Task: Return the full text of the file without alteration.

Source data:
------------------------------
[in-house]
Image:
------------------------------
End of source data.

[in-house]
Image: